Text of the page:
Sunday, October 5, 2014

Step 1: Part 1

Step 1. We admitted we were powerless over alcohol – that our lives had become unmanageable.

1a. I have a sponsor.

I was sober for more than 5 consecutive months before I got one, because, being a perfectionist, I thought I needed the perfect sponsor. Last weekend, I decided that I needed a sponsor now more than I needed The Perfect Sponsor someday. And as soon as I decided that, my Higher Power (can't get used to that term, which still sounds so AA Lola Granola to these old school Catholic ears) gave me the sponsor I needed. She is just about as close to perfect for me as a sponsor can get. We have a lot in common, and we have a lot that's different. We will no doubt get on each other's nerves from time to time, but it's still new enough that we're both on our best behavior. I know she isn't Perfect (and she wouldn't be the perfect sponsor for me if she was) but I think maybe I'm going to love her.

1b. I am working the Steps.

Well, I am working the first one, anyway. I titled this post the way I did because I think I may be on Step 1 for a while. Just as well, since Steps 4-9 scare the shit out of me, and even though I'm usually the type who wants to rush through everything at warp speed, there is something (Higher Power?) telling me to  s...l...o...w   d...o...w...n  on this one.

I took Step 1 exactly a year ago today, and then backtracked. So here I am, a year later, still in Remedial Step 1. Me! I was always a straight A student. I should have rocked this step stuff. I should have left Step 12 in the dust months ago and have 4 or 5 sponsees sitting at my feet in awe of my awesomeness by now, right?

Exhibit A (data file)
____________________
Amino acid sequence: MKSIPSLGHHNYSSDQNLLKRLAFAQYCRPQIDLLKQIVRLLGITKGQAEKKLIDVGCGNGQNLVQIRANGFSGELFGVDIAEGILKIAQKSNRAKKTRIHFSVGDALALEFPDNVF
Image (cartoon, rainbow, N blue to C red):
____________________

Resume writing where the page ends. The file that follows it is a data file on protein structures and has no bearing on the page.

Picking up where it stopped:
I'm not sure whether AA is the first thing I've ever done that you can't ace and skip a grade in, or whether I'm just finally realizing that trying to ace everything and skip grades is kind of a half-assed way to do just about anything. And if I try to do Step 1 that way, I will fail, just as I failed last year.

Admitting I am powerless is hard for me. It's probably hard for most people. My very religious friends are able to do it. The Evangelicals do it best. They seem positively to revel in their powerless, positively luxuriate in their submission to the Lord. I see it, but I don't get it. You know what they say about Catholic girls. We're trouble. But my sponsor is one of those Catholic bad girls, too, so she knows what she's in for.


  1. I think I did step one while I still on a stool drinking. I knew long ago that I was an alcoholic and that I powerless over it and my life was unmanageable (i just didn't phrase it in those ways!). So reading that step an admitting it - easy. I was busted, broken, on the ropes. I knew I was going to die or kill someone at the rate I was going. My ego had to crack just ever so slightly for me to make that admission. And frankly, it was in that submission that I found true freedom.

    Like you, I saw *those* religious folks as these supplicant yes-men who I would never want to be like. But I learned that in surrendering, I won. Strange, and yes, my ego took a bruising to see that I couldn't "control" this, or allow myself to trust in the process, but in the end it was the best thing for me.

    I may not revel in my powerlessness over alcohol, but it was the gateway into which i could start my journey :)


  2. Right. And it's probably because I wasn't entirely "busted, broken, on the ropes" on the outside that my first attempt at Step 1 didn't take. I still had a job, a house, a car, custody of my kids, got places on time. I was broken inside, but I could still put on a good show outside.

    Thanks for your comment, and thanks for reading, Paul.